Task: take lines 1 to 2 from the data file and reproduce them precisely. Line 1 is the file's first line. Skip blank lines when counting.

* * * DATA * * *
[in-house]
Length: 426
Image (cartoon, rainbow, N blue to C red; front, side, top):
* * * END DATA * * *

[in-house]
Length: 426